SPACEX announced Tuesday that it is expanding its WFi coverage in the UK to include Wales, Scotland, Northern Ireland and northern England.
The £89 a month service beams the internet to customers’ homes from space using a “mega constellation” of hundreds of satellites.
Artist impression of a Starlink satellite dishCredit: spacex
Dubbed Starlink, SpaceX launched the scheme in southern England earlier this year following a successful rollout in the US in 2020.
“Starlink is now available in parts of Wales, Scotland, Northern Ireland and northern England, in addition to existing service areas in southern England,” SpaceX said in a press release .
“During beta, users can expect to see data speeds vary from 50Mb/s to 150Mb/s over the next several months as we enhance the Starlink system.”
The California rocket maker said that the service would improve “dramatically” as it fires more satellites into space.
The dish connects to a huge constellation of hundreds of satellitesCredit: SpaceX
There are currently more than 1,400 Starlink satellites in orbit around Earth. SpaceX hopes to eventually have 12,000 in operation.
Also on Tuesday, SpaceX announced that it was launching Starlink in Germany and New Zealand this week.
SpaceX warned that Starlink is still in beta, and as such early customers may experience “brief periods of no connectivity at all.”
You can check availability for your location on starlink.com by entering your service address.
Starlink starter boxes contain a special router and a satellite dish that users must affix to their homesCredit: Reddit/Bybby4j
If Starlink is not yet available in your area, you can place a deposit to hold your space in line for future service.
The first Starlink satellite entered orbit in 2018 and SpaceX sends hundreds of the dishwasher sized gizmos up every year.
The network is eventually set to reach 12,000, rising to as many as 42,000 in future, according to SpaceX.
It follows reports in late December that the firm had begun sending out Starlink invites to UK fans on its mailing list.
SpaceX launches Starlink satellites in batches of 60Credit: Getty Images – Getty
The service costs £89 a month on top of a £439 fee for the router and dish.
Once set up, the dish connects to SpaceX’s satellite constellation, promising download speeds of up to 210 megabits per second (Mbps).
That’s more than six times the average download speed in the UK, or faster than 95 per cent of US connections.
As well as high-speed connectivity, the service offers an easy way to beam internet into trucks, boats and aircraft.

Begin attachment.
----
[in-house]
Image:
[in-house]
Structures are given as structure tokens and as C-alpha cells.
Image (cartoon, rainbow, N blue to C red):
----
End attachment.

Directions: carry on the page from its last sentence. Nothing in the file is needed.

SpaceX, which is run by billionaire Tesla CEO Elon Musk, launches Starlink satellites in batches of 60 atop its Falcon 9 rockets.
SpaceX is owned and operated by billionaire Tesla CEO Elon MuskCredit: Getty – Pool
Astronomers and amateur stargazers have repeatedly blasted the firm for obscuring the night sky and ruining observations with the orbiting tech.
SpaceX argues its satellites are only bright shortly after launch. Over several weeks, they move further from Earth, apparently dampening their disruptive glow.
The primary goal of Starlink is to create a network that will help provide WiFi to people in remote areas who are not yet connected.
SpaceX says the satellites will also provide reliable and affordable internet across the planet.
What is Starlink?
Here’s what you need to know…
- Starlink is a satellite project led by billionaire SpaceX CEO Elon Musk
- Musk intends to put 12,000 satellites into Earth’s orbit, possibly rising to 42,000 in future
- The ‘mega-constellation’ will eventually be able to beam internet coverage to anywhere on the planet
- SpaceX also intends to sell satellites for military, scientific and exploratory purposes
- The firm sends its satellites up in batches of 60 at a time and has so far deployed more than 800 into orbit.
- The satellites are launched atop unmanned Falcon 9 rockets, which are also built by SpaceX
- How the space tech affects the night sky is a major concern as they appear very brightly
- Astronomers and amateur stargazers have repeatedly blasted the firm for ruining their observations
- SpaceX argues that its satellites are only bright shortly after launch because they sit in a low orbit
- Over several weeks, the satellites move further from Earth, apparently dampening their effect on space observations
In the UK, Starlink is competing with OneWeb, a failed US satellite company that Downing Street pumped £400million into last year.
The move means Britain is part of a consortium with India’s Bharti Global which won a bidding war for the firm.
OneWeb has 74 satellites in orbit and eventually plans to beam WiFi from space using a constellation numbering in the thousands.
Ministers hope the investment will compensate for the loss of access to the EU’s Galileo space WiFi programme in the wake of Brexit.
In other news, SpaceX recently launched a spy satellite into orbit.
ESA researchers think they’ve spotted an angel on Mars.
And a satellite that can look inside buildings at any time of day has been launched.
What do you think of Starlink? Let us know in the comments!
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